I get the feeling that most people head home from vacation with a sense of relief. After a road trip, it's probably nice to drive up to the house and know that parking is free. The food in the pantry is paid for, and it probably cost less than a meal out in whatever destination. Closets and drawers mean more outfits than one can tote along in a duffel bag, and easy access to a washing machine renders the mistake of fishing a dirty pair of underwear (in search of a fresh set of skivvies) from the bottom of a valise Highly Unlikely. Most people seem to relish even that first load of laundry, the dull buzz of the dryer the only sound accompanying sighs upon entering a peaceful house after a holiday.
Unless you're me.
I don't mind living out of a suitcase, although I certainly do enjoy having a home base in which to dump my crap. I just shove my day-old t-shirts to the side and put on the same old sweater, and I visit a laundromat or ask my host to use her washer if I need to get the scent of travel out of my jeans. I never vacation at resorts, so my housing costs aren't obscene, and I'm a monstrously picky eater, so I tend to buy my own groceries and live on sprouts and peanut butter when I'm away, thus eliminating breathtaking dinner bills while city-hopping. I don't rent cars when out of town, although I might rent a bike- and while I miss my own two wheels when I'm not home, I like pedaling pricey machines that I might otherwise never ride. And- my return is never ushered in with a sigh of relief at the turn of the lock. My home offers no such quiet haven. I step out of the noisy current of travel: jet engines, nervous passengers, truck horns, suitcase zippers- and into a house full of chirpy greetings from my well-meaning but somewhat over-enthusiastic roommates.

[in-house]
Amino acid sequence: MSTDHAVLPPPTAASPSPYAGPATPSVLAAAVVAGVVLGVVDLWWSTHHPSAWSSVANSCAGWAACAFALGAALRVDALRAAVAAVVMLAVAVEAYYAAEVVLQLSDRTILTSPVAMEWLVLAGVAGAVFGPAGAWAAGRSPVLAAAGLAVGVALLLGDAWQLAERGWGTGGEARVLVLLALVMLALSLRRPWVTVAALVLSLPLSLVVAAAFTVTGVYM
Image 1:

Some people anticipate that first morning back, waking up in their own bed to quiet. I wake up to the sound of circular saws in the back stairwell (the entrance to which abuts my room), the scent of sawdust pushing the last hint of seaside from my nose as I remember that I'm not in Maine anymore.
I have no plans, and I have no money, but I have an idea that being a vagrant doesn't require either. I just need to hold on until May, and then I can go.